In the wake of the wildly successful Spirit and Opportunity rover missions, you would think NASA would approach the landing of the next Martian probe with high confidence.
But the truth is sometimes not what you would think.
"I do not feel confident. But in my heart I'm an optimist, and I think this is going to be a very successful mission," said principal investigator Peter Smith, an optical scientist with the University of Arizona. "The thrill of victory is so much more exciting than the agony of defeat."
Indeed, the truth is that the planetary scientists and engineers who make up the Mars Phoenix Lander team will be biting their nails Sunday evening as they cluster around computer monitors in mission control at the Jet Propulsion Laboratory in Pasadena, California.
That's when their spacecraft, which launched to Mars last August, will finally arrive on the Red Planet.
Everyone on the team is primed and ready to get down to business, putting the suite of scientific instruments aboard Phoenix to work analyzing the soils and permafrost of Mars' arctic tundra for signatures of life, either past or present.
But first, they have to get the lander on the ground, and that's where the worry comes in. In fact, they have a name for it in the Mars exploration community -- "seven minutes of terror."
Seven minutes is all it takes for a spacecraft travelling neary 13,000 miles per hour to hit the Martian atmosphere, slam on the brakes, and reach the ground.
During that time, onboard computers will be working at a manic pace as the spacecraft deploys its parachute, jettisons its heat shield, extends its three legs, releases the parachute, and finally fires its thrusters to bring it down for a soft landing. Hopefully.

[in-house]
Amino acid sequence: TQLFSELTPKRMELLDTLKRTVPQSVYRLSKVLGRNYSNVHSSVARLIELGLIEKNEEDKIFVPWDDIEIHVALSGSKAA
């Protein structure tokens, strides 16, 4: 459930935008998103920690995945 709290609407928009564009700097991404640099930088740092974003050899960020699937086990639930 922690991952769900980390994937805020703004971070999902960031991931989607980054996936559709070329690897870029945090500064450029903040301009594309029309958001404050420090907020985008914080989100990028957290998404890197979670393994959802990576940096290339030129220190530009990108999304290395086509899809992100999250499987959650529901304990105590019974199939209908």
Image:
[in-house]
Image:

"Everything has to go right," said NASA Associate Administrator Ed Weiler. "You can't afford any failures."
It's risky business. Historically, 55 percent of all Mars missions have ended in failure. And tensions will be particularly high with the Phoenix spacecraft.
From an overall design standpoint, it is twin to the Mars Polar Lander spacecraft, and was supposed to travel to Mars in 2001 as the Mars Surveyor spacecraft. They were originally part of the "better, faster, cheaper" program, formulated by then-NASA Administrator Dan Goldin to beef up planetary exploration on a lean budget.
But disaster struck.
Mars Polar Lander malfunctioned during its entry and descent into Mars' atmosphere in 1999 and crashed. Technical investigations later concluded that as many as a dozen design flaws or malfunctions doomed the spacecraft.
The failure of that mission, as well as another spacecraft called the Mars Climate Orbiter the same year, led to some soul searching at NASA. The agency put future missions on hold to rethink the "better, faster, cheaper" approach. And Mars Surveyor went to the warehouse.
"The trouble is somebody forgot the 'better' part," said Weiler. "By pushing the faster and cheaper part so hard, engineers were forced to make decisions that weren't necessarily the best and right decisions. And that led to both the failures of the Mars Climate Orbiter and ultimately the Mars Polar Lander and eventually the entire Mars program."
But all was not lost. In 2003, Peter Smith proposed a plan to reengineer that mothballed spacecraft and fly it on a mission to look for signatures of life in the ice and dirt of Mars far North. Mars Phoenix, literally and figuratively, rose from the ashes of Surveyor.